In making that observation, the DOL merely recognized that there could be instances when otherwise collateral ESG issues present material business risk or opportunities to companies that company officers and directors need to manage as part of the company’s business plan and that qualified investment professionals would treat as economic considerations under generally accepted investment theories.  In such situations, these ordinarily collateral issues are themselves appropriate economic considerations, and thus should be considered by a prudent fiduciary along with other relevant economic factors to evaluate the risk and return profiles of alternative investments.  In other words, in these instances, the factors are more than mere tie-breakers.  To the extent ESG factors, in fact, involve business risks or opportunities that are properly treated as economic considerations themselves in evaluating alternative investments, the weight given to those factors should also be appropriate to the relative level of risk and return involved compared to other relevant economic factors.

Fiduciaries must not too readily treat ESG factors as economically relevant to the particular investment choices at issue when making a decision.  It does not ineluctably follow from the fact that an investment promotes ESG factors, or that it arguably promotes positive general market trends or industry growth, that the investment is a prudent choice for retirement or other investors.  Rather, ERISA fiduciaries must always put first the economic interests of the plan in providing retirement benefits.  A fiduciary’s evaluation of the economics of an investment should be focused on financial factors that have a material effect on the return and risk of an investment based on appropriate investment horizons consistent with the plan’s articulated funding and investment objectives.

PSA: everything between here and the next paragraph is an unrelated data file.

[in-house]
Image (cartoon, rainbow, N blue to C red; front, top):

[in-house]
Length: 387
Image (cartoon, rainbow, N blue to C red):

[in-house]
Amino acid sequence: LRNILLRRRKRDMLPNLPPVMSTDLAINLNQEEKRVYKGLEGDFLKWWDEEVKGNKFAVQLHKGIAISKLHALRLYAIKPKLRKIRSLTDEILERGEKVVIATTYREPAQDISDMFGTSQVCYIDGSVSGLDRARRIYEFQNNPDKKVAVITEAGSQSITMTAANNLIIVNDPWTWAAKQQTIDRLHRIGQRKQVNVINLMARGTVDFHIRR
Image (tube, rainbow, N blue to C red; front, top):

In IB 2016-01, the DOL noted that investment policy statements are permitted to include policies concerning the use of ESG factors to evaluate investments, or on integrating ESG-related tools, metrics, or analyses to evaluate an investment’s risk or return.  That discussion in the IB does not reflect a view that investment policy statements must contain guidelines on ESG investments or integrating ESG-related tools to comply with ERISA.  Moreover, the IB does not imply that if an investment policy statement contains such guidelines then fiduciaries managing plan assets, including appointed ERISA section 3(38) investment managers, must always adhere to them.  A statement of investment policy is part of the “documents and instruments governing the plan” within the meaning of ERISA section 404(a)(1)(D), and an investment manager or other plan fiduciary to whom such an investment policy applies is required to comply with the policy, but only insofar as the policy is consistent with Titles I and IV of ERISA (including the core fiduciary obligations of prudence and loyalty).  Thus, if it is imprudent to comply with the investment policy statement in a particular instance, the manager must disregard it.